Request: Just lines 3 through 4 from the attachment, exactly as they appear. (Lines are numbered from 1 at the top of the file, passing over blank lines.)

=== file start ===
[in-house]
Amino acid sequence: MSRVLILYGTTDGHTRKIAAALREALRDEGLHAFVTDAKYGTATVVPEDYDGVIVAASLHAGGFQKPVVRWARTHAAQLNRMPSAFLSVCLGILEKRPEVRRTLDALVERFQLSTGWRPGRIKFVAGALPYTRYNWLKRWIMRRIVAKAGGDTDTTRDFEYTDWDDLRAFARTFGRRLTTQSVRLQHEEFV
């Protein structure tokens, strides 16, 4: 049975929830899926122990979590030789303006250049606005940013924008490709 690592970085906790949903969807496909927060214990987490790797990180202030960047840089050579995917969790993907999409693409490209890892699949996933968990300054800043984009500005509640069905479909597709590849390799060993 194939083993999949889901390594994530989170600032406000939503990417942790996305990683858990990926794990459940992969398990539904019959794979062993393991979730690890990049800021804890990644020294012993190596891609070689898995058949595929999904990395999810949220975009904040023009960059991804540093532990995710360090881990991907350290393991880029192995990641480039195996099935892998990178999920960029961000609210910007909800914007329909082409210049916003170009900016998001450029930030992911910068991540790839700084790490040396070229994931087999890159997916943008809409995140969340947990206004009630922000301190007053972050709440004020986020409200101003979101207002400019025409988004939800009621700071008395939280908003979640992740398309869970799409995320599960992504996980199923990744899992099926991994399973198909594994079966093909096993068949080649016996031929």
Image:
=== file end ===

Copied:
């Protein structure tokens, strides 16, 4: 049975929830899926122990979590030789303006250049606005940013924008490709 690592970085906790949903969807496909927060214990987490790797990180202030960047840089050579995917969790993907999409693409490209890892699949996933968990300054800043984009500005509640069905479909597709590849390799060993 194939083993999949889901390594994530989170600032406000939503990417942790996305990683858990990926794990459940992969398990539904019959794979062993393991979730690890990049800021804890990644020294012993190596891609070689898995058949595929999904990395999810949220975009904040023009960059991804540093532990995710360090881990991907350290393991880029192995990641480039195996099935892998990178999920960029961000609210910007909800914007329909082409210049916003170009900016998001450029930030992911910068991540790839700084790490040396070229994931087999890159997916943008809409995140969340947990206004009630922000301190007053972050709440004020986020409200101003979101207002400019025409988004939800009621700071008395939280908003979640992740398309869970799409995320599960992504996980199923990744899992099926991994399973198909594994079966093909096993068949080649016996031929």
Image: